African Medicines Agency Dedication Needs More Than Words – Global Issues

To date, 19 countries have already ratified the convention. However, this number remains well below 55 AU member states and excludes some of the power centers in the region such as South Africa, Nigeria, Kenya, Ethiopia and Senegal. Credit: Charles Mpaka/IPS
  • Opinion by Johnpaul Omollo, Taonga Chilalika (nairobi/johannesburg
  • Inter Press Service

In November 2021, after 15 countries signed and ratified the AMA treaty, the AMA became a specialized agency of the African Union (AU). To date, 19 countries – Algeria, Benin, Burkina Faso, Cameroon, Chad, Egypt, Gabon, Ghana, Guinea, Mali, Mauritius, Namibia, Niger, Rwanda, Seychelles, Sierra Leone, Tunisia, Uganda and Zimbabwe – have signed the treaty.

However, this number remains well below 55 AU member states and excludes some of the power centers in the region such as South Africa, Nigeria, Kenya, Ethiopia and Senegal.

Over the next five years, African healthcare, especially local pharmaceutical production, will be a major economic driver for the region – expected to account for about two percent of the global pharmaceutical market by 2022.

By harmonizing the regulations for health products, Africa will become a more attractive market for the pharmaceutical sector, both for research and development and for the introduction of innovations.

These harmonization efforts will further enhance trade in support of the African Continental Free Trade Area (AfCFTA), deepening African integration and enabling the development of markets for health products and technologies? Most importantly, the agency coordinates joint assessments and inspections for a select group of products and coordinates capacity building.

The next two years will be pivotal in setting up the agency, including selecting a host country, appointing the Director General, recruiting staff and setting up offices for AMA. Countries that have not yet ratified will have no say in these important decisions that will strengthen the drug regulation in the region.

This has been a long journey. The agency is derived from the African Medicines Regulatory Harmonization (AMRH) initiative launched in 2012 led by the African Union Development Agency (AUDA-NEPAD) to address the challenges facing drug regulation in Africa.

These challenges include weak legal frameworks, duplication and slow drug registration processes and subsequent lengthy approval decisions, limited technical capacity and weak supply chain control. As COVID-19 has shown, these challenges pose both a public health risk and an economic risk to the continent.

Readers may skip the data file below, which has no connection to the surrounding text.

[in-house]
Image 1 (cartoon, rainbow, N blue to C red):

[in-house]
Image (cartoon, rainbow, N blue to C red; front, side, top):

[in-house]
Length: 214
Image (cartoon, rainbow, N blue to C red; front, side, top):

To improve the fragmented regulatory system for the registration of medical products in Africa, the vision is to gradually move from a country-oriented approach, where 55 countries operate independently, to a regional cooperation, where five Regional Economic Communities support one agency.

AMA will review regional policies and identify new sources of funding to increase national capacity to regulate drugs, as well as attempt to simplify the complex requirements of regional and global standards and guidelines.

Member States should also be aware of the extensive operationalization process needed to set up the Agency’s administrative and technical workflows. For example, as part of the administrative workflow, they must select a host country, appoint a Director General, recruit staff, furnish office space, and register the treaty with the UN Secretary General.

We must act quickly to ensure that the entire continent is on board. By now, every AU member state should have approved and ratified the AMA by signing, ratifying and depositing its instruments with the AU Commission.

Member States should allocate resources as a top priority to co-finance the agency’s activities, building on the already existing commitment of more than €100 million by the Bill & Melinda Gates Foundation and the European Union.

With a vision to prepare Africa to facilitate the production of 60 percent of the vaccines needed on the continent by 2040, the creation of AMA is a cry for countries and regulators. We urgently need to put in place the tools needed to achieve the optimal operationalization of the Agency by the end of 2022.

We applaud the 19 Member States that have ratified the AMA. We urge these states to be champions by promoting the benefits of the agency across the continent to encourage and motivate the rest to get on board and ratify the Africa Medicines Agency.

Johnpaul Omollo is a Senior Advocacy and Policy Officer at PATH in Kenya. Follow him on Twitter @JPmcOmollo

Taonga Chililika is a Senior Advocacy and Policy Associate at PATH in South Africa. Follow her on Twitter @TaongaChilalika.

© Inter Press Service (2022) — All rights reservedOriginal source: Inter Press Service

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